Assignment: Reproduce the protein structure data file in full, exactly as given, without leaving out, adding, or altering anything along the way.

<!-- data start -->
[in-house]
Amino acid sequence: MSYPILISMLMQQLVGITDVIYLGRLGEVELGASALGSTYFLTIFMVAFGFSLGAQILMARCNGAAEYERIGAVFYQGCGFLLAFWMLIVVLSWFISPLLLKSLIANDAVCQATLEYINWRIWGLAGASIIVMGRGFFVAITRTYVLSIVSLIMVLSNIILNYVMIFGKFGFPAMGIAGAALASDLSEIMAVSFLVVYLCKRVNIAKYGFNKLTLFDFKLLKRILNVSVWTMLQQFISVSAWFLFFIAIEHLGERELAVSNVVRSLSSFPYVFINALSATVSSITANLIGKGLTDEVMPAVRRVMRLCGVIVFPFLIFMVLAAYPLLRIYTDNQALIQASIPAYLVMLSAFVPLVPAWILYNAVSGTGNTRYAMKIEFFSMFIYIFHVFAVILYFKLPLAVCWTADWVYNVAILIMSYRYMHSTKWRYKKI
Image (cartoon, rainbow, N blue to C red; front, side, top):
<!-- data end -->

[in-house]
Amino acid sequence: MSYPILISMLMQQLVGITDVIYLGRLGEVELGASALGSTYFLTIFMVAFGFSLGAQILMARCNGAAEYERIGAVFYQGCGFLLAFWMLIVVLSWFISPLLLKSLIANDAVCQATLEYINWRIWGLAGASIIVMGRGFFVAITRTYVLSIVSLIMVLSNIILNYVMIFGKFGFPAMGIAGAALASDLSEIMAVSFLVVYLCKRVNIAKYGFNKLTLFDFKLLKRILNVSVWTMLQQFISVSAWFLFFIAIEHLGERELAVSNVVRSLSSFPYVFINALSATVSSITANLIGKGLTDEVMPAVRRVMRLCGVIVFPFLIFMVLAAYPLLRIYTDNQALIQASIPAYLVMLSAFVPLVPAWILYNAVSGTGNTRYAMKIEFFSMFIYIFHVFAVILYFKLPLAVCWTADWVYNVAILIMSYRYMHSTKWRYKKI
Image (cartoon, rainbow, N blue to C red; front, side, top):